Monday, March 01, 2004


I haven't had a lot of time to answer questions lately, so here goes...
"I need help on my PT. Got any good tips for enhancing situps and pushups? My run is a fluke because I can run it a lot faster...But any advice you can give me would be a great help"
I think I have a post on this subject somewhere back in the archives, but I'll answer it from another angle.

My Privates took their final PT test a few days ago. They did really well, of course. We did NOT "win" the usual competition between platoons, because we had two failures...and 2nd Platoon had none. The streamer goes to whoever has the highest percentage of FIRST TIME "go"s. We had one soldier fail the run by 2 seconds and one soldier failed his pushups by a significant amount.
I'm proud as hell of the one who failed her run anyway. She is somewhat large, although much smaller than when she arrived lol. She knocked 3 minutes off of her last two mile time which is pretty amazing improvement for less than 3 weeks work.
The one who failed his pushups is another story. He will probably make it on his retest...but there is no reason why he should've failed in the first place.
Which brings me to the answer I promised.

The best way to improve your pushups before you head off to BCT is to DO PUSHUPS lol.
However, if you can do a hundred pushups, and none of them are done CORRECTLY...then you will be suckin' when it comes time for an APFT. (Army Physical Fitness Test)

The thing to focus on right now is correct form. When you assume the start position, place your hands approximately shoulder width apart to start with. We can change positions later to focus on different muscle groups.
Your body should form a straight line from your shoulders to your heels, with your feet less than a foot apart. As you perform repetitions and your muscles become fatigued, you will be tempted to either sag in the middle or raise your ass in the air. DON"T!!
Keep your head up and face forward. This is not required to count as a correct pushup, but it helps force your body into a relatively straight line.
Your first movement will be to lower your entire body, maintaining a straight line and moving all parts as one, until your upper arms are parallel to the ground or lower. Since you are trying to improve your form and reps...preferably lower. If you get into the habit of going lower now, you will have no problem when it comes time to test. This was the problem with my soldier who failed. He did a lot of pushups that did not count on the test. I talked to the Drill who graded him and he said his form sucked and he only counted about half. If he had good form this would have been way more than enough to pass the test.
Once you have "broke the plane" simply push your body back to the start position keeping a straight line and moving all together. You have to lock out completely at the top. The soldiers who are really strong and can do a lot of reps have trouble with this sometimes because they are in a hurry and they end up starting back down before they lock out. It's a waste of effort if it doesnt count, so don't get in that much of a hurry.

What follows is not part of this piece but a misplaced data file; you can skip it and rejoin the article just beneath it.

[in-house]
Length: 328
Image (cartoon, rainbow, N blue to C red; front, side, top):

Begin your program by doing smaller sets and work up for a few days before you really push yourself. (you're probably past this point already) This conditions your muscles, ligaments and tendons and begins to toughen them up in preparation for overload. Always try to give yourself a day of rest between really intense sessions for recovery. Your muscle fibers need to begin to repair themselves before you tear them again or you're defeating the purpose.
Doing pushups uses several different muscle groups. You can isolate these by changing hand position. Once you've worked on regular pushups for a while...change it up each session by doing wide arm pushups and close hand pushups. As you move your hand position out, you start to work your chest more. As you move them in, until they are touching, you focus more on arms and triceps. Work them both ...but when it comes test time, it's better to be a little wide because the pectoralis muscles seem to have a little more strength and endurance. Also you have a shorter distance to lower yourself when you do "wide arms".

Try alternating the workouts between endurance and strength. If you want to focus on strength, you can have a friend press LIGHTLY on your back as you push yourself up. This increases resistance but you won't be able to do as many reps at first. For endurance, USING GOOD FORM, start with sets of 25 or so. Give yourself a SHORT break between sets, and do as many sets as you can. When you can't get 25 any more drop to 15 and keep going. When you can't hit 15, drop to 10s or even 5s. This is sort of the same principle as doing drop sets in the weight room on the bench press.

You can also do pyramids. Do about 5 pushups and go to your knees for about 10-20 seconds. then do 6 pushups and take the same break. Then 7 and break. Keep this up until you get to whatever your goal is for that session. Start with a goal of 20. Once you do 20, take a 20 second break and then do 19 pushups. 18...17...16...etc all the way back down to 5.
Aside from just doing pushups, I highly recommend that you get in the weight room with a dedicated partner if you can. Work your entire body regularly and reasonably on machines and free weights. Pushups use a lot of muscles that you wouldn't expect, and the end goal is combat effectiveness anyway. You have to have a good core body strength and be well rounded to be able to do anything that might be expected (or unexpected) in your duties. You can do this on your own but a good DEDICATED partner is priceless if you want to get serious about fitness in the gym.

Well .... I hope this helps a little. I will hit the Situps tomorrow probably.